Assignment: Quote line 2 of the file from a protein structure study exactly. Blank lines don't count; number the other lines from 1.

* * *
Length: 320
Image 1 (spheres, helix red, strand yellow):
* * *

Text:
Image 1 (spheres, helix red, strand yellow):